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1.1.93 • Public • Published


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A JavaScript ANSI color/style management. ANSI parsing. ANSI to CSS. Small, clean, no dependencies.

npm install ansicolor

What For

  • String coloring with ANSI escape codes
  • Solves the style hierarchy problem (when other similar tools fail)
  • Parsing/removing ANSI style data from strings
  • Converting ANSI styles to CSS or a Chrome DevTools-compatible output
  • A middleware for your platform-agnostic logging system

Why Another One?

Other tools lack consistency, failing to solve a simple hierarchy problem:

require ('colors') // a popular color utility
console.log (('foo'.cyan + 'bar').red)


WTF?! The bar word above should be rendered in red, but it's not! That sucks. It's because ANSI codes are linear, not hierarchical (as with XML/HTML). A special kind of magic is needed to make this work. Ansicolor does that magic for you:

require ('ansicolor').nice // .nice for unsafe String extensions
console.log (('foo'.cyan + 'bar').red)



Crash Course

Importing (as methods):

import { green, inverse, bgLightCyan, underline, dim } from 'ansicolor'
const { green, inverse, bgLightCyan, underline, dim } = require ('ansicolor')


console.log ('foo' + green (inverse (bgLightCyan ('bar')) + 'baz') + 'qux')
console.log (underline.bright.green ('foo' + dim.red.bgLightCyan ('bar'))) // method chaining

Importing (as object):

import { ansicolor, ParsedSpan } from 'ansicolor' // along with type definitions
import ansicolor from 'ansicolor'

Nice Mode (not recommended)

const ansi = require ('ansicolor').nice

The ('ansicolor').nice export defines styling APIs on the String prototype directly. It uses an ad-hoc DSL (sort of) for infix-style string coloring. The nice is convenient, but not safe, avoid using it in public modules, as it alters global objects, and that might cause potential hard-to-debug compatibility issues.

console.log ('foo'.red.bright + 'bar'.bgYellow.underline.dim)

Supported Styles

'foreground colors'
'light foreground colors'
'background colors'
'light background colors'
    .bright.dim.italic.underline.inverse // your platform should support italic

You also can obtain all those style names (for reflection purposes):

const { names } = require ('ansicolor')
names // ['red', 'green', ...

Removing ANSI Styles From Strings

const { strip } = require ('ansicolor')
strip ('\u001b[0m\u001b[4m\u001b[42m\u001b[31mfoo\u001b[39m\u001b[49m\u001b[24mfoo\u001b[0m')// 'foofoo'

Converting to CSS/HTML

Inspection of ANSI styles in arbitrary strings is essential when implementing platform-agnostic logging — that piece of code is available under command line interface and in a browser as well. Here's an example of how you would parse a colored string into an array-like structure. That structure can be traversed later to build HTML/JSON/XML or any other markup/syntax.

const { parse } = require ('ansicolor')
const parsed = parse ('foo'.bgLightRed.bright.italic + 'bar'.red.dim)

The ansi.parse () method will return a pseudo-array of styled spans, you can iterate over it with a for ... of loop and convert it to an array with the spread operator (...). Also, there's the .spans property for obtaining the already-spread array directly:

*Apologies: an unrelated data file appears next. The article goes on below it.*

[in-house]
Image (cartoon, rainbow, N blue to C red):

assert.deepEqual (parsed.spans /* or [...parsed] */,
    [ { css: 'font-weight: bold;font-style: italic;background:rgba(255,51,0,1);',
        italic: true,
        bold: true,
        color: { bright: true },
        bgColor: { name: 'lightRed' },
        text: 'foo' },
      { css: 'color:rgba(204,0,0,0.5);',
        color: { name: 'red', dim: true },
        text: 'bar' } ])

Custom Color Themes

You can change default RGB values (won't work in terminals, affects only the ANSI→CSS transformation part):

const ansi = require ('ansicolor')
ansi.rgb = {
    black:        [0,     0,   0],    
    darkGray:     [100, 100, 100],
    lightGray:    [200, 200, 200],
    white:        [255, 255, 255],
    red:          [204,   0,   0],
    lightRed:     [255,  51,   0],
    green:        [0,   204,   0],
    lightGreen:   [51,  204,  51],
    yellow:       [204, 102,   0],
    lightYellow:  [255, 153,  51],
    blue:         [0,     0, 255],
    lightBlue:    [26,  140, 255],
    magenta:      [204,   0, 204],
    lightMagenta: [255,   0, 255],
    cyan:         [0,   153, 255],
    lightCyan:    [0,   204, 255],

Chrome DevTools Compatibility

Web browsers usually implement their own proprietary CSS-based color formats for console.log and most of them fail to display standard ANSI colors. Ansicolor offers you a helper method to convert ANSI-styled strings to browser-compatible argument lists acceptable by Chrome's console.log:

const { bgGreen, red, parse } = require ('ansicolor')
const string = 'foo' + bgGreen (red.underline.bright.inverse ('bar') + 'baz')
const parsed = parse (string)
console.log (...parsed.asChromeConsoleLogArguments) // prints with colors in Chrome!

Here's what the format looks like:

parsed.asChromeConsoleLogArguments // [ "%cfoo%cbar%cbaz",
                                   //   "",
                                   //   "font-weight: bold;text-decoration: underline;background:rgba(255,51,0,1);color:rgba(0,204,0,1);",
                                   //   "background:rgba(0,204,0,1);"
                                   // ]

Play with this feature online: demo page. Open the DevTools console and type expressions in the input box to see colored console output.

Happy logging!

Projects That Use ansicolor

  • Ololog! — a better console.log for the log-driven debugging junkies
  • CCXT — a cryptocurrency trading API with 130+ exchanges
  • Grafana — beautiful monitoring & metric analytics & dashboards


npm i ansicolor

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